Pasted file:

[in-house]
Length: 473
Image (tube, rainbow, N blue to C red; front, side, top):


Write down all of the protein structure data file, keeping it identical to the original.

[in-house]
Length: 473
Image (tube, rainbow, N blue to C red; front, side, top):